Celebration and flag raising mark Cree program’s 10th anniversary
- EFN Staff | June 20, 2016
The 10th anniversary of the Nêhiyâwiwin Cree Language and Culture program at Confederation Park Community School was marked with a special celebration and the raising of the Treaty 6 flag.
The celebration, held just days before National Aboriginal Day, included dancing and a demonstration of new regalia. Students, staff, families, partners and program supporters were on hand to honour the 10th anniversary and proudly raise the Treaty 6 flag which will be a permanent fixture at the school.
Pete Chief is the Vice Principal at Confederation Park School and he sees the raising of the flag as one more step in making the school a welcoming place for young people to learn their language.
“My grandmother always told me to never lose my language and that the day you lose your language is the day you are lost,” said Chief. “I never really understood what she meant by that until I left the reserve where I spoke the language all the time and came to the city for school. Everything we have is connected to our language. So it means so much to have these kids speak Cree to me at this school in the hallways and in the classroom.”
The Nêhiyâwiwin Cree Language and Culture program is a bilingual/bicultural program that is offered for Pre-Kindergarten to Grade 5 students at Confederation Park. The program, which began in the fall of 2005, is a joint project of the Okicīyapi Partnership involving Saskatoon Tribal Council, Central Urban Métis Federation Inc. and Saskatoon Public Schools. Students from across Saskatoon can attend the program, for which free busing is provided.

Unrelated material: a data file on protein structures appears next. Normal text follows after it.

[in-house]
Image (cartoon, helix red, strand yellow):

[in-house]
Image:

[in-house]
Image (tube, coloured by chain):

Several dignitaries were on hand for the celebration of culture and the flag raising. After several dance performances, drummers and elders and dignitaries gathered around the flag pole for the ceremony. The flag was gifted to the school by the Mistawasis First Nation and Chief Darryl Watson was on hand to offer the flag. He also wore the Treaty Medal his Chief received at the signing of Treaty in 1876. Veteran Phillip Ledoux, also of the Mistawasis First Nation officially raised the Treaty 6 flag.
“Back when I started with the division, there was only a handful of Cree speaking teachers and now we have at least twelve in this school alone. And for us to raise the Treaty 6 flag acknowledges that relationship and this place where we are teaching the culture, history and language of our people,” said Chief. “To have this flag here in front of our school just seems fitting.”